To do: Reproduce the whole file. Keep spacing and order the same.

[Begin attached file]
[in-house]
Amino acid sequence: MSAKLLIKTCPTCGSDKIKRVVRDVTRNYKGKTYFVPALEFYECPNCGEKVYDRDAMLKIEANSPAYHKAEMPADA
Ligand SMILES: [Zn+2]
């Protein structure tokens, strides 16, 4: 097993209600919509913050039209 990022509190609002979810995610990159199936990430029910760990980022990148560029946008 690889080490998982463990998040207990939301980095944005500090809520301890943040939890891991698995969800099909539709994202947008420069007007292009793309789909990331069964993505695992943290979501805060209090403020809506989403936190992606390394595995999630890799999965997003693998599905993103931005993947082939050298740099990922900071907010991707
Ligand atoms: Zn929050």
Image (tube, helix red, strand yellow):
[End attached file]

[in-house]
Amino acid sequence: MSAKLLIKTCPTCGSDKIKRVVRDVTRNYKGKTYFVPALEFYECPNCGEKVYDRDAMLKIEANSPAYHKAEMPADA
Ligand SMILES: [Zn+2]
């Protein structure tokens, strides 16, 4: 097993209600919509913050039209 990022509190609002979810995610990159199936990430029910760990980022990148560029946008 690889080490998982463990998040207990939301980095944005500090809520301890943040939890891991698995969800099909539709994202947008420069007007292009793309789909990331069964993505695992943290979501805060209090403020809506989403936190992606390394595995999630890799999965997003693998599905993103931005993947082939050298740099990922900071907010991707
Ligand atoms: Zn929050």
Image (tube, helix red, strand yellow):